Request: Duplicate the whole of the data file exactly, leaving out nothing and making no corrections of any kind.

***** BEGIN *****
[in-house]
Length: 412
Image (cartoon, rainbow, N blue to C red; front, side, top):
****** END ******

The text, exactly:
[in-house]
Length: 412
Image (cartoon, rainbow, N blue to C red; front, side, top):